Trudie: Quen is very much a British gentleman! Actually, I tried to base the world on Edwardian aesthetics, so there’s a lot of British flavour scattered around, and not just the tea. The spelling and grammar are all US, but I deliberately kept a lot of the Britishisms and some British phrases just because beta readers really liked them and felt it added to the charm of the world. So I kept in things like bourbon biscuits instead of changing them to cookies. I’m hopeful that won’t get me in trouble hah.
Rowena: I’ve certainly been enjoying it! It’s nice to see those bits in there (also I may have to pester you about those aesthetics at some point). Bourbon biscuits just sound so much classier than cookies!
Trudie: I did toy with the idea of including a guide to British biscuits in the book but that may have been too much!
Rowena: Haha, that would have been brilliant but maybe a little too much… but oh god, I can just imagine.
So, moving back in time (got to stick with the clock imagery), when did you know that you wanted to be a writer? Were you inspired by anyone or a particular book?
Trudie: I wanted to be an author when I was a kid – either that or a game designer. But back then, being a writer didn’t seem like a valid career path, or at least not to me. I came from a working class background so doing things like going to uni wasn’t an option. Instead, I ended up studying game design. But while working on games, I realised I preferred writing tasks and projects instead of design ones, and that’s when I kinda remembered I wanted to write, and when I slowly got back into it.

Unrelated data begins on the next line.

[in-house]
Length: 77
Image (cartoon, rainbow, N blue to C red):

But as a teen, Tamora Pierce was my favourite author and certainly inspired Sand Dancer. I used to hide in the school library and steal her books!
Rowena: I absolutely adore Tamora Pierce – and I reread her books quite regularly. Game Design is an interesting career choice though, do you think that although it meant coming to writing via a roundabout route it’s shaped your process at all?
Trudie: That’s a great question! One I hadn’t really thought about, but I think it did have some influence. Game stories aren’t much different from book stories. Sure, the context is quite different and the means of delivery is, but with games, you need to edit and get your ideas straight to the point, and that definitely translates when writing and editing a story. I certainly have been inspired by video games in my writing, and game writing, in general, is much better now than it used to be.
Rowena: That’s interesting, and I have to agree about game writing. The games I played as a child are so different to the ones coming out now (and less heartbreaking – looking at you RDR2). Talking of games, I know you’ve not played much D&D – but I want to hear a little more about your low intelligence wizard!